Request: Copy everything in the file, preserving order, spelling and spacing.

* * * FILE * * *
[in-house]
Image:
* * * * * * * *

[in-house]
Image: